15 Best Winter Vacations in the U.S.
It is easy to have a love/hate relationship with winter. It is fickle, unpredictable, and cold, yet the frigid temperatures provide the perfect backdrop for some epic winter vacations in the United States. From unforgettable skiing in Colorado to bobsledding at the Olympic Park in Utah, or mushing through the Alaskan wilderness, winter offers up vacation opportunities unlike any other season.
Some of the best winter vacations in the United States happen by accident when you try fat biking, snowmobiling, or ice fishing for the first time, then they become a part of an annual tradition. Winter is also a perfect time to visit places like New York City or Chicago for cheaper travel rates and fewer tourists. It is easy to bundle up and visit some of America's most iconic landmarks and cultural experiences.
For some travelers, winter vacations mean beaches and not snow, and the U.S. has those kinds of getaways, too. No matter what your preference is to get through the winter months, see our list of the best winter vacations in the U.S.
1. Explore the Winter Trails in Wisconsin
The Northwoods of Wisconsin is a winter playground for outdoor sports enthusiasts, with trails for nearly every activity that you can do in the snow.
The town of Hayward in Sawyer County is home to the largest fleet of snow grooming equipment in the United States. That is because the trails they manicure are prepped each day to accommodate the vast number of outdoor activities that draw visitors to the area throughout the winter.
There are more than 600 miles of snowmobile trails just in this area that connect to a network of other trails throughout the state. There are 200 miles of cross-country ski trails and dozens of miles of snowshoe and hiking trails.
The neighboring town of Cable has 80 miles of fat bike trails. It is easy, even for first-time fat bikers, to work with an outfitter like Howl Adventure Center in Bayfield and learn the basics to enjoy the snowy trails in the woods. Most outfitters in the area rent bikes, skis, and snowshoe equipment to use on the trials.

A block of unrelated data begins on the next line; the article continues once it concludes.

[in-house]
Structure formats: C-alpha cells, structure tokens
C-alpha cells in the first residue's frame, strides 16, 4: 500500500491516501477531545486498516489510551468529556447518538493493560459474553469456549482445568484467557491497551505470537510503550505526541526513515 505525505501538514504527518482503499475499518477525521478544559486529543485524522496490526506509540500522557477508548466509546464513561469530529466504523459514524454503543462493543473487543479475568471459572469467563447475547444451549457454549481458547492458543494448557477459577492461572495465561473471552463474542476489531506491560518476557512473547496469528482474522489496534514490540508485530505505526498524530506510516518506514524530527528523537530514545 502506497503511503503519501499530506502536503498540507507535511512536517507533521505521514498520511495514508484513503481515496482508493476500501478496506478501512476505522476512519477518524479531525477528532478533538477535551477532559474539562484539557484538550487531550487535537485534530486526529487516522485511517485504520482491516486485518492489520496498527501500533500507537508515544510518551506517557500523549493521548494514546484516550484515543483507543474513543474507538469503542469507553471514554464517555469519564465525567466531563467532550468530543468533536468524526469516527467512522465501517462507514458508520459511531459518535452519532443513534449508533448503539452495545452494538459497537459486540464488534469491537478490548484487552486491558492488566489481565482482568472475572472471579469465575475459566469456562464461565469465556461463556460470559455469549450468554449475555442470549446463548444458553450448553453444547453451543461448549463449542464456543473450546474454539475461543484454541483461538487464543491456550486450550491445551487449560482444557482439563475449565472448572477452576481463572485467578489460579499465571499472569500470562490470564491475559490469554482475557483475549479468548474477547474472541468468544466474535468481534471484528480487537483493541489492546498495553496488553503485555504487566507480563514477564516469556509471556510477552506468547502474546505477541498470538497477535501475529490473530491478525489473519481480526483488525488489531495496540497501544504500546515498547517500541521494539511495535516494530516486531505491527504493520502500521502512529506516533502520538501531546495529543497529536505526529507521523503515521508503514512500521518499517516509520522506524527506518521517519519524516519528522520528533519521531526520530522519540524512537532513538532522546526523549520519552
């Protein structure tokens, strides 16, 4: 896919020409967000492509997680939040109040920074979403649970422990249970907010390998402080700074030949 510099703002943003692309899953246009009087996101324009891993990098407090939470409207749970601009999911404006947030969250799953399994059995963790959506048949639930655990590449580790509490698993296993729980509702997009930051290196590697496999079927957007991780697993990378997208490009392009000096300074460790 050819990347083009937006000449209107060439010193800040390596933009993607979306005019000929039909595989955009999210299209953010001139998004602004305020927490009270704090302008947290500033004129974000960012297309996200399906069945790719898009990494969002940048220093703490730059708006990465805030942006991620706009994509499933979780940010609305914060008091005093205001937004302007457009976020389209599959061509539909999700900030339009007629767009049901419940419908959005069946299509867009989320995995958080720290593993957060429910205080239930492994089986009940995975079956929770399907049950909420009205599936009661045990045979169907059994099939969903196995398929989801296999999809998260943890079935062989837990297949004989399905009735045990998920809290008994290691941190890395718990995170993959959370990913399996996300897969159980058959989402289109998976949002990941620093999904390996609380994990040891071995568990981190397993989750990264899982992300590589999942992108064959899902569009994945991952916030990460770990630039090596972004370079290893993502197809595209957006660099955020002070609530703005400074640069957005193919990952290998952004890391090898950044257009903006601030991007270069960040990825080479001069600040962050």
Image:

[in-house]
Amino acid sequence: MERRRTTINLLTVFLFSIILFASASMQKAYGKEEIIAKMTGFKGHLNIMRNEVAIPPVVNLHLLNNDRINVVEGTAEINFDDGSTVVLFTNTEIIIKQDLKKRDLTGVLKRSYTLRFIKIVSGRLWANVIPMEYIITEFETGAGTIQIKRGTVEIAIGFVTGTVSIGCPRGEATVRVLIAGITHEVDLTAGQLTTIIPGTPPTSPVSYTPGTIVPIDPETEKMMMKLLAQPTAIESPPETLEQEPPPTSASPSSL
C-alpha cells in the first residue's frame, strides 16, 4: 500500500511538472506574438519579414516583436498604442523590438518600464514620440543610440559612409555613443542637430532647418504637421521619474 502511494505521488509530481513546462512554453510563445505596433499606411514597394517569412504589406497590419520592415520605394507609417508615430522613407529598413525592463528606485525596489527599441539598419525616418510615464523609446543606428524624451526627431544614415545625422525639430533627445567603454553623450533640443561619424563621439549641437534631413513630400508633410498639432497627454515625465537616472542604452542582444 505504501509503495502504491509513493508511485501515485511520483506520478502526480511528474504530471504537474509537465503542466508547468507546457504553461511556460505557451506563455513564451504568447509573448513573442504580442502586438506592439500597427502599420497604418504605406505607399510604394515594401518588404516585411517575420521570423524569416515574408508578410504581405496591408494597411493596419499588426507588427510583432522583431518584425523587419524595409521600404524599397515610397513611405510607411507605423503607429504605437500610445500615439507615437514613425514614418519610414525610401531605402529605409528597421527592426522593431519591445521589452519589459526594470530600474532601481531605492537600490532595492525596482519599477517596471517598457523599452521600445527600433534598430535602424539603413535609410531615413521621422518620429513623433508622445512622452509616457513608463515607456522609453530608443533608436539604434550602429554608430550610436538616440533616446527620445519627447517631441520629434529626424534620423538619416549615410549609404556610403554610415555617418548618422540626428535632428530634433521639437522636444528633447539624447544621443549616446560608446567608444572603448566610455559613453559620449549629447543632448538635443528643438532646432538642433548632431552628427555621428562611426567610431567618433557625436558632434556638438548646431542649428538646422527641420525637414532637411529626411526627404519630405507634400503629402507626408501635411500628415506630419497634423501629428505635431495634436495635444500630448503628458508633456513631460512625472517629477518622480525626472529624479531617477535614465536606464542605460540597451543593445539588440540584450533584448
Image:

Cable is also home to North America's largest cross-country ski marathon, the American Birkebeiner. The pro trail is available to cross-country skiers the rest of the winter. Winter warriors can warm up with a BBQ Bowl at the nationally renowned Old Southern BBQ, which started in Hayward; enjoy hot homemade seafood bisque at Birches Roadhouse; or try a traditional fish fry at the Landing on the Chippewa Flowage, where you can also see a replica of the world record muskie that was caught in the lake next to the restaurant.
2. Ski the Colorado Slopes
Colorado has some of the best downhill skiing slopes in the United States, with ski resorts that range from luxury to budget friendly. Areas like Telluride and Steamboat Springs are some of the most popular ski destinations in Colorado, but you can also combine several skiing cities that are within close proximity in one visit for the ultimate Colorado ski vacation.
Aspen Snowmass is regularly rated a top skiing destination, and for good reason, because you can hit multiple slopes in two cities in one trip. The region has four mountains: Aspen Mountain, Buttermilk, Aspen Highlands, and Snowmass.
Each offers a unique experience for the skiing enthusiast and ski schools for beginners. Aspen is a Victorian mining town with 80 restaurants and cafes to enjoy after a cold day outside, and Snowmass is just nine miles from Aspen.
Most resorts offer lift tickets that give you access to all four mountains and transportation between them. Many vacationers hit one mountain per day during their getaway. Be sure to enjoy the gondola ride 12,000 feet above the region and soak in the best vantage point to see the 2.8 million acres of wilderness adjacent to the ski areas.
Another potential Colorado ski combo is Breckenridge and Vail. Breckenridge has 187 ski trails that zig-zag across more than 3,000 acres of terrain, with nearly ideal snow conditions most of the time. It surrounds an old Victorian-era mining town, adding a rustic flair to the breathtaking views as you ski the slopes.
Vail slopes are just 40 miles away, so you can spend the other half of your vacation on the notable peaks skiing to the valley between the Sawatch Mountain Range and the Gore Mountain Range.
3. Dogsledding in Alaska
Imagine dashing through the Alaskan wilderness being pulled by a dog sled and experiencing one of the state's most important traditions. The Alaskan Iditarod Sled Dog Race that takes place every March is a 1,150-mile race from Anchorage to Nome.
Taking a vacation to experience mushing with some of the world's most beautiful creatures while being in the open winter elements of Alaska is something you will never forget. Take a dogsledding class and experience what it is like to trek through the Alaskan terrain as you work with the dogs and trainers.
Many tours depart from Anchorage, Denali, Fairbanks, Girdwood, and Seward. The truly hard-core can choose to go by helicopter to a glacier for their dogsledding experience.
4. Ski America's First Ski Resort in Idaho
While there are plenty of great ski resorts to experience across the United States, one of the best winter ski vacations is in Sun Valley, Idaho, home of the first destination ski resort in the country. The old mining town is surrounded by two rugged mountain peaks and more than 2,000-acres of changing terrain, which attracts skiers of all levels, from ambitious beginners to Olympic athletes.